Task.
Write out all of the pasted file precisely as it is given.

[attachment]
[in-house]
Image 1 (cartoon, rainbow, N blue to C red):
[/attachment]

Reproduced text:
[in-house]
Image 1 (cartoon, rainbow, N blue to C red):